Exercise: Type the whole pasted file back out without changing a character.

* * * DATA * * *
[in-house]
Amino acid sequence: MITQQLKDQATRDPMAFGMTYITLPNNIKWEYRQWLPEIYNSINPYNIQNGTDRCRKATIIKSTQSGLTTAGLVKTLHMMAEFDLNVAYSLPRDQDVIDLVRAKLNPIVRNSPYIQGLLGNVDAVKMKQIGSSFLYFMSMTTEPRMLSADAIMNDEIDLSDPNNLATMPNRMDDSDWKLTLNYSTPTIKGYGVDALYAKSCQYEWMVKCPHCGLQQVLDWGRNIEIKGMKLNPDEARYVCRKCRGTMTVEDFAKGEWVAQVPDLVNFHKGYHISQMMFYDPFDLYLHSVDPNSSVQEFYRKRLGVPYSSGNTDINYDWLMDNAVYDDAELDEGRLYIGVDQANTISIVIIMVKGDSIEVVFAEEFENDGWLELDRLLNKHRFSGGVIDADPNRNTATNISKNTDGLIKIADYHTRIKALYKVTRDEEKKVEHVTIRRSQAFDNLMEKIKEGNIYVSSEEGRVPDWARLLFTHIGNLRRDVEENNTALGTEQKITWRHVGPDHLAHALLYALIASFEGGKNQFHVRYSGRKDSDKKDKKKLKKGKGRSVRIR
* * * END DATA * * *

[in-house]
Amino acid sequence: MITQQLKDQATRDPMAFGMTYITLPNNIKWEYRQWLPEIYNSINPYNIQNGTDRCRKATIIKSTQSGLTTAGLVKTLHMMAEFDLNVAYSLPRDQDVIDLVRAKLNPIVRNSPYIQGLLGNVDAVKMKQIGSSFLYFMSMTTEPRMLSADAIMNDEIDLSDPNNLATMPNRMDDSDWKLTLNYSTPTIKGYGVDALYAKSCQYEWMVKCPHCGLQQVLDWGRNIEIKGMKLNPDEARYVCRKCRGTMTVEDFAKGEWVAQVPDLVNFHKGYHISQMMFYDPFDLYLHSVDPNSSVQEFYRKRLGVPYSSGNTDINYDWLMDNAVYDDAELDEGRLYIGVDQANTISIVIIMVKGDSIEVVFAEEFENDGWLELDRLLNKHRFSGGVIDADPNRNTATNISKNTDGLIKIADYHTRIKALYKVTRDEEKKVEHVTIRRSQAFDNLMEKIKEGNIYVSSEEGRVPDWARLLFTHIGNLRRDVEENNTALGTEQKITWRHVGPDHLAHALLYALIASFEGGKNQFHVRYSGRKDSDKKDKKKLKKGKGRSVRIR